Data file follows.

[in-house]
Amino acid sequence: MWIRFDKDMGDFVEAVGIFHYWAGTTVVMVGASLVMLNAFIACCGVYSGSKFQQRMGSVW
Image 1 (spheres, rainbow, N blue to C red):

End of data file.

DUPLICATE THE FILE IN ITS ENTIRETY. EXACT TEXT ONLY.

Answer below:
[in-house]
Amino acid sequence: MWIRFDKDMGDFVEAVGIFHYWAGTTVVMVGASLVMLNAFIACCGVYSGSKFQQRMGSVW
Image 1 (spheres, rainbow, N blue to C red):